Monday, January 24, 2011

Heirloom Beans with a Guajillo Chili Sauce

1 lb bag Yellow Indian woman beans or dry bean of your choice.
1 lg Spanish onion.
2 lg tomatoes.
3 cloves garlic.
2 tbs olive oil.
2 tbs Mexican oregano
Chicken stock to cover beans 1 inch over beans. 4- 5 cups.
Salt and pepper.
1/2 cup chopped fresh Italian parsley.
1/2 cup chopped fresh cilantro.
Soak beans over night rinse and sort.
Roast the unpeeled garlic, onion and tomato in dry skillet on med heat until slightly charred. Turning frequently. Add 1 tbs Mexican oregano and remove from heat. Let cool. Peel garlic and onion. Chop onion, garlic, tomato and pulse in a food processor. This is called a Sofrito. Add 2 tbs olive oil into dutch oven or lg bean pot and heat until glistening. Add mixture from food processor to pan and cook over med heat for 15 to 30 minutes stirring frequently as not to burn. Add beans and chicken stock,1 tbs mexican oregono and bring to boil. Boil for 5 minutes. Reduce heat to low and cook until tender. Add salt and pepper to taste after the beans are cooked. Add chopped herbs to bowls when ready to serving.
For the chili sauce:
6 medium dried Guaillo or Ancho chilies Seeded and stemmed.
2 tbs extra virgin olive oil.
2 tbs cider vinegar.
3/4 tsp oregano.
1 tsp salt.
Toast chilies in a hot dry pan. Remove and cut very small dice. I use scissors. Heat oil in small sauce pan over med heat. Add chilies stir for a moment. Remove from heat. Add vinegar, 3 tbs water, oregano, salt and set aside for 1/2 hour. Serve over beans.

I make a lot of beans. So every year I stock up on my favorite varieties from . Such a great company owned by Steve Sando of Napa Valley, California. He markets old fashioned heirloom beans and has really become a cult favorite. He grows and sells the rarer, older, more intensely flavored beans. Grown fresh every season. You have to get your order in because when the beans are gone they are gone until next year. As well as being the supplier to many a famous chef, such as Monsieur Thomas Keller he also supplies Moi. So I guess Thomas and I have something in common!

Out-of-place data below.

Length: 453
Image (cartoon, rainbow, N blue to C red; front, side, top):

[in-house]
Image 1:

This recipe is a favorite of mine. I use Rancho Gordo Yellow Indian Woman beans which are an incredibly creamy, dense bean that won't fall apart with long cooking. I use a dry roasting technique that they use in Mexico to create an amazingly deeply flavored sofrito that adds such a remarkably distinct flavor. The Guajillo Chili sauce gives this a delicious and picante flavor that is unmistakable. I served this with dollop of mexican crema and a tablespoon of the chili sauce on top. Perfect with some very cold Mexican beer.



  1. Hey Brintany! Thanks for stopping by. Love to hear from you. B:)

  2. I'm drooling with this one Beth..., what a list of ingredients, I'd love to try this recipe, the flavours are awesome.

  3. Anna if I had your address I would send you some of Steve's beans. You would love them. I can only imagine what you would come up with. B:)

  4. These beans look great- there's a lot of flavor going on here. :)Thanks for the bean source!

  5. We would DEFINITELY love this dish at my house, Beth! It looks so delicious! I am also going to check out your resource for the beans. I am always wanting to try different varieties. You always have such unique recipes here that make me want to stretch my cooking skills and that is why I have awarded you a "Stylish Blogger Award" via my blog. :)

  6. Beth - Elaine beat me to it... But I also put you up for a Stylish Blogger Award - I enjoy your work on this blog.

  7. A good bowl of beans is incredibly comforting for me. This one right here looks like it won't disappoint.